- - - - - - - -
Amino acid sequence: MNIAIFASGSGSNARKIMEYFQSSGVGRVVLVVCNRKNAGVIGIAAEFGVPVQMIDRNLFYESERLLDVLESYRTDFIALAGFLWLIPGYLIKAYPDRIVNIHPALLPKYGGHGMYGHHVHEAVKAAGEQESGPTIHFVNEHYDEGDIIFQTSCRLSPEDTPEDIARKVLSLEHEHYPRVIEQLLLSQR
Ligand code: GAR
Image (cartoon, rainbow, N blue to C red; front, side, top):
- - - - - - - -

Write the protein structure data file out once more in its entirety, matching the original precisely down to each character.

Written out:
Amino acid sequence: MNIAIFASGSGSNARKIMEYFQSSGVGRVVLVVCNRKNAGVIGIAAEFGVPVQMIDRNLFYESERLLDVLESYRTDFIALAGFLWLIPGYLIKAYPDRIVNIHPALLPKYGGHGMYGHHVHEAVKAAGEQESGPTIHFVNEHYDEGDIIFQTSCRLSPEDTPEDIARKVLSLEHEHYPRVIEQLLLSQR
Ligand code: GAR
Image (cartoon, rainbow, N blue to C red; front, side, top):